Families and prisoner rights advocates drove hours through heavy fog early Tuesday morning to represent their incarcerated loved ones and voice concerns at a public hearing held by the Florida Department of Corrections. Over one hundred people filled the courtroom of the Capital Circle Office Center in Tallahassee to take turns in front of the podium and beseech FDC officials not to put further restrictions on the visitation schedule.
The FDC announced the hearing March 27, giving members of the public a week to prepare their responses to proposed changes to Rule 33-601.722, guidelines delimiting visitation schedules for Florida prisons. The new rule will permit inmates a minimum of two days per month, two visitation hours each day, which families say is a cutback on the previous allowance of weekly visitation on Saturdays and Sundays.
From a dais at the far end of the courtroom, separated from the audience behind several desks, FDC staff addressed the crowd.
“Over the past year, the department has been faced with staff shortages and an increase in contraband,” said Richard Comerford, an FDC assistant secretary. “The number of recovered weapons, cell phones, and illicit drugs continue to rise across the state within our facilities.”
“In many of these incidents, contraband have been linked to visitation,” Comerford continued. “The proposed changes to this rule will provide the department with the ability to evaluate these areas and adjust visitation schedules in a manner to provide a safe and secure visitation experience for all.”
An agency spokeswoman proceeded to call the names of people who had submitted Public Hearing Appearance Request/Record form prior to the meeting. Due to a large number of submissions — over 150 — each speaker was allotted no more than two and a half minutes each to say their piece.
During the next three hours, dozens of speakers vehemently appealed to both FDC officials and the audience, expressing heartfelt testimonies, statistics, and reasons for their overall mistrust of the agency.
“In my history with the FDC, 23 years’ worth, it does not do anything except the minimum,” said Jewy Tryon, the first member of the public to speak at the podium.
“I have with me today a petition where over 9,000 people have signed, requesting that you do not cut our visitation,” said Jewy Tryon, whose husband is serving a life sentence. “Families would like to let you know that in addition to visitation every weekend, we would be happy to use video visitation, but otherwise, if you’re going to try to cut our contact visits, we’re going to boycott the video visitation.”
In February, the FDC began implementing interactive multimedia kiosks through a contract with JPay Inc. The kiosks feature authorized entertainment and educational videos for inmates as well as monitored video communication at $2.95 per 15-minute session, according to the FDC website.
However, due to the coincidence of visitation cancellations during the same time frame, many of the speakers worried that the videos will replace, rather than compliment, current visitation hours, and that contraband is just an excuse to enforce the cutbacks.
“Your officers are bringing in the contraband because they are overworked,” witnessed Williford. “Your officers are bringing in the heroin, cocaine, methamphetamine. I have bought contraband from officers with cash money. It is not these people who have loved ones. You’re not punishing the inmates; you are punishing these people who are taxpayers, and they’re not criminals,” said Kyle Ryan Williford, a former inmate at Hardee Correctional Institute who was released on March 26.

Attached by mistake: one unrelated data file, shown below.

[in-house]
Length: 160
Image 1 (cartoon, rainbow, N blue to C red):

Beth Gammie, an attorney representing a man whose wife is serving a life sentence, cited data from the Florida Justice Institute that reaffirmed the increase in contraband but concluded that visitors were responsible for only 2.5 percent of banned items introduced to prisons.
Comerford replied, “We are not here to discuss the statistics.”
“You’ve felt free to make comments back when people have spoken. I’ll take that as you don’t dispute it,” responded Gammie. “These people have no control over it, and the inmates have no control over it. I would ask that you do not solve issues of contraband and staffing on the backs of inmates and their families.”
Although the meeting was originally scheduled for 8:30 to 10 a.m., FDC officials continued to allow members of the public to share their stories, pleading on behalf of their families and make complaints against the agency for an additional hour and a half.
Renee Graves brought her son the podium as she spoke on behalf of her husband, whose prison sentence has hindered him from bonding with his child.
“Visitation hours are the only opportunity he has to eat meals together, play soccer with and have a difference in his son’s life,” Graves said. “Instead of sports club fees, we are paying for travel expenses so that my son can have a relationship with his father.”
Barbara Graves, Renee’s mother-in-law, immediately followed that the FDC’s proposed changes would make it impossible for her to visit her own son on account of her disability.
Per provisions of Administrative Procedures Act, Chapter 120, Florida Statutes, the FDC will consider the comments made at the public hearing and may choose to revise the proposed rule, whereby another hearing will be scheduled to review it. Otherwise, if no changes are made, the new visitation policy will be implemented within a month.
“I have not committed a crime, yet I’ve lost a child to incarceration, which is a 10-year prison sentence for me,” said Kim Lawrence, whose 18-year-old daughter has already served two years. “I cherish every weekend, every holiday that I am allowed to visit her.”